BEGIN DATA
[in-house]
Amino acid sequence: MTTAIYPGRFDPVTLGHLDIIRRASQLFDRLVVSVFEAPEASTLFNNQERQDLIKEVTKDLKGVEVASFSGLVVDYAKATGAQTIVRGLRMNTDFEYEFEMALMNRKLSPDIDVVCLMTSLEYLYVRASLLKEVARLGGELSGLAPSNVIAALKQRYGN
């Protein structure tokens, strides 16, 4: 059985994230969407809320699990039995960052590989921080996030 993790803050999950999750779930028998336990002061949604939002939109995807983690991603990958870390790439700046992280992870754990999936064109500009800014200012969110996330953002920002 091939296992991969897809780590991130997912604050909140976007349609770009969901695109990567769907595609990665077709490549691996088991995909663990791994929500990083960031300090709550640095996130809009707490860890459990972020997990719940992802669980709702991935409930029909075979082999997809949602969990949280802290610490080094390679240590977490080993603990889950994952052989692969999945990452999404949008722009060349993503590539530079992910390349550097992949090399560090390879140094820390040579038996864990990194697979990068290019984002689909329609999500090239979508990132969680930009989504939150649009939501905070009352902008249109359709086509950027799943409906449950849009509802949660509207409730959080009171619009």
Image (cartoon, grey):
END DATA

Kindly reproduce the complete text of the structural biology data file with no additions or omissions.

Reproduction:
[in-house]
Amino acid sequence: MTTAIYPGRFDPVTLGHLDIIRRASQLFDRLVVSVFEAPEASTLFNNQERQDLIKEVTKDLKGVEVASFSGLVVDYAKATGAQTIVRGLRMNTDFEYEFEMALMNRKLSPDIDVVCLMTSLEYLYVRASLLKEVARLGGELSGLAPSNVIAALKQRYGN
């Protein structure tokens, strides 16, 4: 059985994230969407809320699990039995960052590989921080996030 993790803050999950999750779930028998336990002061949604939002939109995807983690991603990958870390790439700046992280992870754990999936064109500009800014200012969110996330953002920002 091939296992991969897809780590991130997912604050909140976007349609770009969901695109990567769907595609990665077709490549691996088991995909663990791994929500990083960031300090709550640095996130809009707490860890459990972020997990719940992802669980709702991935409930029909075979082999997809949602969990949280802290610490080094390679240590977490080993603990889950994952052989692969999945990452999404949008722009060349993503590539530079992910390349550097992949090399560090390879140094820390040579038996864990990194697979990068290019984002689909329609999500090239979508990132969680930009989504939150649009939501905070009352902008249109359709086509950027799943409906449950849009509802949660509207409730959080009171619009």
Image (cartoon, grey):